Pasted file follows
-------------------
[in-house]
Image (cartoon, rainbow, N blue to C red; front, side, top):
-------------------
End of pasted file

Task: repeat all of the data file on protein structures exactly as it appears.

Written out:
[in-house]
Image (cartoon, rainbow, N blue to C red; front, side, top):